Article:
The Main GS Lab Proposal
Rather than addressing housing supply issues, the GS Lab focused on the tax advantages given to homeowners as a major factor in driving up house prices. In the past, GS has proposed the elimination of the capital gains tax exemption for owner-occupied principal residences. (That is a major way in which home ownership is privileged over renting, since rental property owners have to pay capital gains tax, and effectively collect that from renters through their rents.)
When GS was given the CMHC funding for Solutions Lab, it was widely thought that the Lab would recommend ending the exemption from capital gains tax enjoyed by owner-occupiers of principal residences. GS seems to realize that is a political non-starter.
There are already a number of taxes on non-residents, speculators and owners of vacant properties, and new regulations on money laundering, rental housing providers and developers, as well as efforts to increase housing supply. The Lab report says that, despite those measures, house prices continue to rise too fast, and that the problem is the structure of the housing market; and so, more people in the housing market need to be encouraged to invest less in their houses.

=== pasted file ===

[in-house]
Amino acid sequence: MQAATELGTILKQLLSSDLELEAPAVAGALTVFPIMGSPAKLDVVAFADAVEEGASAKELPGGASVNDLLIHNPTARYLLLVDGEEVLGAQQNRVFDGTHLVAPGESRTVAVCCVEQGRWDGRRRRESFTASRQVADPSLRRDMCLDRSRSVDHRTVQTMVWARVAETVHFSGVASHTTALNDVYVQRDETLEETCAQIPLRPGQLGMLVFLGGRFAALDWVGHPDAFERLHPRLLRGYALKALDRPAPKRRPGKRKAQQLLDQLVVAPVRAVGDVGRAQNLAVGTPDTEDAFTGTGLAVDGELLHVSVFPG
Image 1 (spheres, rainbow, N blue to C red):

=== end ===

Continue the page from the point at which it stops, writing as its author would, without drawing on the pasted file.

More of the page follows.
The Lab proposes a new federal tax on owner-occupied homes with a value greater than $1M. That would include about 9% of homeowners across Canada, although it would be 13% in Ontario and 22% in BC.
The tax could be deferred until a property is sold (with a market rate of interest). The tax would be graduated so that it would apply at a low rate for the first tier of taxable value, and then at a higher rate for higher tiers of value. See Table 1 for the proposed tax rates and Table 2 for examples.
Table 1 – the GS Lab proposal
|House value tier||Annual Tax rate|
Table 2 – Sample tax results
|House value||Annual Tax|
With the rates of 0.2%, 0.5% and 1%, the tax would generate about $4.5B per year, with very modest amounts being charged to owners with houses of a value up to $1.5M. If the 0.5% rate applied on the whole tier from $1,000,000 to $2,000,000, the tax would generate about $6B per year.
That tax revenue could then be spent on other housing measures, such as more non-profit housing or portable housing benefits for renters.